summer reading material

by erin thursby
Summer in Florida brings out the reader in me. Whether it’s the sweltering days–so hot you just can’t bear the thought of moving, or the afternoon rains, nothing makes me want to pick up a book more than this season. Here, for your reading pleasure I’ve assembled best-sellers, off-beat books and classic reads that just might whet your reading appetite.

for the bibliophile
While the unusual format of The Guernsey Literary and Potato Peel Pie Society has garnered the most attention (it’s all told through letters and a few diary entries) it’s the spirit of this book that will catch you. It begins just after WWII, with the correspondence of a female humor writer who eventually starts writing to the inhabitants of one of the English Channel Islands, located between France and England and captured by the Germans during the war. But the story isn’t just about WWII and it’s impact. It’s about how the written word can lift and connect us.

self-help for the man-hungry
Thrice married Steve Harvey dains to give women advice on getting a man in his best-seller, Act Like a Woman Think Like a Man. As usual it’s up to the woman to do the work. You might want to ask yourself–how many self-help books are out there for men on how to get a woman? If you are looking for a man and need to revisit this sort of thing, his advice isn’t bad, it’s just a bit trite. (Don’t have sex immediately, give a man what he needs so he doesn’t stray, etc.)

for design lovers with a taste for the whimsical
Doorbells of Florence is more than just pictures of doorbells in Florence. Although that by itself would make a charming coffee table tome, each picture is accompanied by the author’s fictional account of the people he imagines are the owners of the doorbell. It’s quirky and beautiful in the same way the film Amelie was. The stories are short, perfect for putting down and picking up between summer activities.

for zombie fans with a literary bent
The title is Pride and Prejudice and Zombies. It is what it sounds like. Take a beloved Jane Austen novel, add an author with a sense of humor and a penchant for zombie mayhem. In between the romance of Mr. Darcy and Elizabeth, expect the bodies to pile up, as Elizabeth now has combat training to deal with the zombie horde invading the quaint English countryside.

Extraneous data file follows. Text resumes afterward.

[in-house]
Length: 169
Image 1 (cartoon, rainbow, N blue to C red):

for a mystery novel lover
Why not grab a classic if you’re into the murder mystery genre? It’s surprising that many who love reading mysteries on their beach towel haven’t picked up Murder on the Orient Express or Death on the Nile. Even though Agatha Christie is a bit dated these days, it’s part of her charm. She published over 80 books in her lifetime. We suggest you stick to the early ones, first published from the 1920s through the 1940s.

for a new Western in the old style
Eventually, you’re going to run out of Louie L’amour books. When you do, check out Trail Hand: A Western Story. Instead of concentrating on “updating” the genre, the author simply tells the tale of a loner driving cattle. When one of the other hands with a grudge convinces the boss the loner is responsible for some cattle rustling, it’s up to him to find the real culprits before the posse catches up to him!

to feel good about humanity again
There are good people doing good things for others every day. Most of those things aren’t as sensationalistic as the murder on the 6 o’clock. That’s why you might feel the need to pick up Three Cups of Tea, which is about the instinct for altruism–and it’s a true story. When Greg Mortenson fell ill after attempting to climb the second tallest mountain, he was nursed back to health by Pakistani villagers. In return, he promised to help them build a school. But he built more than just one school–he’s still building them.


april, 2022